The only economics book you will ever need.
Economics isn't just about numbers: It's about politics, psychology, history, and so much more. We are all economists - when we work, save for the future, invest, pay taxes, and buy our groceries. Yet many of us feel lost when the subject arises. Award-winning professor Timothy Taylor tackles all the key questions and hot topics of both microeconomics and macroeconomics, including:
The Instant Economist offers the knowledge and sophistication to understand the issues - so you can understand and discuss economics on a personal, national, and global level.
©2012 Timothy Taylor (P)2012 Gildan Media Corp
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"Timothy Taylor is the best"
This was an excellent survey of the basics. Taylor establishes where economists agree, and highlights where they don't (mostly macroeconomics). He really knows how to explain economic thinking. He focuses on the intuitions at the heart of economics. Trade-offs are everywhere and we need to understand what these trade-offs are. He rids the listener of zero-sum thinking, as I think many people who don't understand economics succumb to. Any good citizen should be familiar with the basics of economics and this book is a superb deliverer of those basics. Graphs and complex mathematics are unnecessary for the most part. Taylor's Great Courses lectures on economics are also fantastic. I highly recommend them for anyone seeking to understand the world.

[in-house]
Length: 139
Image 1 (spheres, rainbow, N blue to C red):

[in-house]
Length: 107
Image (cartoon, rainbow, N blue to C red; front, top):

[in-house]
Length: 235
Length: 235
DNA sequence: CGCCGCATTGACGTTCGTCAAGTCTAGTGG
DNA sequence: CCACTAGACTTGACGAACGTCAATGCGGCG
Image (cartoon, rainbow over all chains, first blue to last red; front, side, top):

"Reasonable Review of Key Concepts"
This is not your typical airport economics book where an author applies economics to a few selected issues, but a textbook in audible form. My recollection is that the first 18 chapters were micro and the second half of the book covered macro, trade, etc. Most of the chapters were not particularly long, and there were no obvious cases where I felt the material was wrong, and a few situations where the examples might have been better chosen. For a book of this length, that is probably a pretty good record. In addition, one of the biggest challenges in producing a textbook in audible form is that you can't use graphs or charts to support the explanation. Surprisingly, that was not much of a problem in this text, as most of the explanations of concepts were pretty clear in audible form. I will say that any explanation of supply and demand curves, with movement along the curves vs. shifts in the curves is going to be difficult without seeing a few examples, but I am not sure that is the fault of the author or narrator.
As to the narrator, the pacing was pretty good and the reader did not get in the way of the material. In summary, about as good as a textbook can get in audible form; I find it hard to call it 'a great read'.
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